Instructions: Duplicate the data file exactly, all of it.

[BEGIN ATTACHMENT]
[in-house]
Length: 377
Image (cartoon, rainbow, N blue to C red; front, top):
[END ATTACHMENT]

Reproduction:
[in-house]
Length: 377
Image (cartoon, rainbow, N blue to C red; front, top):